Some might call my obsession with handwritten letters unhealthy. I prefer words like dedicated, single-minded, impassioned or crazy-focused.
All right, so maybe it's a tad unhealthy.
I've loved writing and receiving letters since I was a tadpole. If I met an attractive young lady at a dance or out-of-town school sporting event, we didn't exchange cellphone numbers or Facebook accounts. We used napkins or torn sheets of spiral notebook paper and scribbled down actual physical mailing addresses.
Later, with giddy excitement racing like lightning through my teenage veins, I'd camp by the mailbox and wait for a letter from that cute girl two towns away. Sometimes she wrote, sometimes she didn't and I pretended she accidentally tossed the napkin in the trash.
All right, so maybe that second scenario happened much more often than the first. Still, I just knew that young woman desperately wished upon a star we would meet again someday.
While serving a Mormon mission in Brazil, I received many letters and cards from home and stored each in sheet protectors in chunky binders that grew fatter by the week. When I returned, the binders took up exactly half of one of my two suitcases. I know precisely where those binders are today.
A week or two before I married a girl who thankfully didn't toss away my napkin, she and I received a letter from a longtime friend of my family. It contained practical, loving advice on being happily married. I cherished it then and I cherish it today. It shouldn't surprise you that I have it in a safe place at home.
All this affection for the long-lost art of the handwritten letter led to my first breakout novel, "The Wednesday Letters," written in 2007. The book, with an unexpected but major assist from Glenn Beck, became my first New York Times best-seller.
Last week I released a follow-up called "The Wedding Letters." The novel takes the same quirky cast of characters and introduces a new wedding tradition. Friends, family, former roommates and colleagues are invited to write letters of advice and congratulations to the bride and groom. A family friend, the popular character A&P, takes charge of collecting the letters and assembling them into a book.
The letters are fun and creative, long and short, poignant and silly, revealing and redemptive. When the big day arrives, the book is presented as a wedding gift to the newlyweds. Who wouldn't want to receive such a wonderful gift? Crock pots and toasters are lovely, but a book of wedding letters will last a lifetime.
Imagine you were getting married next week. What would you want to hear from the people you love? Imagine you could go back in time. What do you wish someone had told you? What lessons would have been helpful? What nuggets of counsel might have been useful as your marriage grew and matured?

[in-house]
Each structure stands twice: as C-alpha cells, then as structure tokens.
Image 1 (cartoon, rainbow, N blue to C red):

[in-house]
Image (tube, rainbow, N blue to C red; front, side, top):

Do you know someone getting married soon? A son? Daughter? Grandchild? Neighbor? What would you tell them? What lessons have you learned? What meaningful anecdotes would you share? What would you say that would have value today, tomorrow and 20 years from now?
If you know someone taking the long walk to the altar, offer to run a wedding letters project. Since a bride's parents — particularly the mother — often take the lead on wedding planning, check with them and coordinate your efforts.
Give yourselves ample time to contact those you wish to contribute. Use email, social media and traditional stamp-and-envelope mail to spread the word. Choose a single point-of-return, perhaps a P.O. box, for the writers to send their notes.
The storage and presentation of the letters can be simple. A three-ring binder with sheet protectors works nicely. If you're a Martha Stewart or Nate Berkus devotee, consider having them mounted on scrapbook paper or bound in a leather journal-style book.
When all the letters have arrived, when all the words of wisdom have been compiled, when the wedding, the reception and the honeymoon have ended, imagine your bride and groom snuggling on the couch and reading these paper gems. Then, imagine that moment over and over and over because with a gift like this, it's going to be appreciated and devoured many times.
No matter how you choose to proceed, remember the most important rule. There is no right way or wrong way to create a book of wedding letters for someone you love. There is only your way.
Because the novel behind it might belong to me, but the tradition belongs to you.
Copyright 2016, Deseret News Publishing Company